Grow climbing vegetables near your house if you lack garden space but want to reap the benefits of homegrown produce. Vertical vegetables are easy to harvest and do not present pest or root-rot problems as those on the ground do. Make sure the particular spot meets the sunlight requirements of the vegetables you want to grow. Be creative and form a natural yet rustic trellis to support growing vegetables that is functional, yet dresses up the place. Use pots or containers, or plant seeds in the ground and support their vertical growth.
Remove weeds, plant debris and rocks from the planting site. Make sure it has well-drained soil and receives at least six hours of direct sunlight daily.
Loosen the soil to a depth of 12 inches. Add 2 to 3 inches of organic compost or well-rotted manure and mix well with a rake to ensure the amendments go deeply. Water the area lightly to settle the soil.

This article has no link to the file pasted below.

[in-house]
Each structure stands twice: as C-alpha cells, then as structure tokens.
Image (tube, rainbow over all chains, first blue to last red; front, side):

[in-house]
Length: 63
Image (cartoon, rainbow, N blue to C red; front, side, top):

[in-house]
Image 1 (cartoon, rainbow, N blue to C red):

Build one or several trellises to support the plants as they grow. Make a bamboo tepee trellis for vegetables such as pole beans and cucumbers or a twine trellis for peas. Place a cage over tomato plants so they grow upward. Make sure the plant support fits the space and encourages spread and good air circulation.
Install the support over the site. Push it at least 6 to 8 inches deep so it supports the weight of growing vegetables without toppling over.
Plant seeds or seedlings around the support when soil temperatures are warm and danger of frost has passed. Follow label directions for seed depth and spacing. If planting seedlings, poke holes through the soil and lower each root ball into it. Space seedlings 2 to 3 inches apart.
Water the planting site well to ensure the soil is evenly moist. Feed the seedlings a well-balanced 10-10-10 fertilizer two to three weeks after germination. Follow label directions for application rates.
Wrap tiny tendrils around the wire or trellis slab to encourage the plant to climb upward. Harvest vegetables when they are firm and full.